In the jungles of Guatemala, in Tikal, stands a temple. It was built by the grandest Sun King, of the grandest city state, of the grandest civilization of the Americas, the Mayas. His name was Jasaw Chan K’awiil. He stood over six feet tall. He lived into his 80s, and he was buried beneath this monument in 720 AD. And Mayaninscriptions proclaim that he was deeply in love with his wife. So, he built a temple in her honor, facing his. And every spring and autumn, exactly at the equinox, the sun rises behind his temple, and perfectly bathes her temple with his shadow. And as the sun sets behind her temple in the afternoon, it perfectly bathes his temple with her shadow. After 1,300 years, these two lovers still touch and kiss from their tomb.
Around the world people love. They sing for love, they dance for love, they compose poems and stories about love. They pine for love, they live for love, they kill for love, and they die for love. As Walt Whitman once said, he said, “Oh, I would stake all for you.”
But love isn’t always a happy experience. In one study of college students, they asked a lot of questions about love, but the two that stood out to me the most were, “Have you ever been rejected by somebody who you really loved?” And the second question was, “Have you ever dumped somebody who really loved you?” And almost 95% of both men and women said yes to both. Almost nobody gets out of love alive.
Romantic love is one of the most powerful sensations on Earth. So, several years ago, I decided to look into the brain and study this madness. We found activity in a tiny little factory near the base of the brain called the ventral tegmental area. In fact, the same brain region where we found activity becomes active also when you feel the rush of cocaine. But romantic love is much more than a cocaine high—at least you come down from cocaine. Romantic love is an obsession. It possesses you. You lose your sense of self. You can’t stop thinking about another human being.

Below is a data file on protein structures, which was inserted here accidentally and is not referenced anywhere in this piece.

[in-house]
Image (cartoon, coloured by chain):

Wild is love. And the obsession can get worse when you’ve been rejected. That brain system, the reward system for wanting, for motivation, for craving, for focus, becomes more active when you can’t get what you want. In this case, life’s greatest prize: an appropriate mating partner.
So, what have I learned from this experiment that I would like to tell the world? Foremost, I have come to think that romantic love is a drive, a basic mating drive. I’ve also come to believe that romantic love is anaddiction: a perfectly wonderful addiction when it’s going well, and a perfectly horrible addiction when it’s going poorly.
I would also like to tell the world that animals love. There’s not an animal on this planet that will copulatewith anything that comes along. Too old, too young, too scruffy, too stupid, and they won’t do it. In fact, I think animal attraction can be instant—you can see an elephant instantly go for another elephant. And I think that this is really the origins of what you and I call, “love at first sight.”
Our newest experiment has been hatched by my colleague, Art Aron, putting people who are reporting that they are still in love, in a long-term relationship, into the functional MRI. We’ve put five people in so far, and indeed, we found exactly the same thing. They’re not lying. They basically…The brain areas associated with intense romantic love, still become active, 25 years later.
There are still many questions to be answered and asked about romantic love. The question that I’m working on right this minute, and I’m only going to say it for a second and then end, is why do you fall in love with one person, rather than another? There will always be magic to love, but I think we’re going to end up in the next few years to understand all kinds of brain mechanisms that pull us to one person rather than another.
So, I will close with this: love is in us. It’s deeply embedded in the brain. Our challenge is to understand each other. Thank you.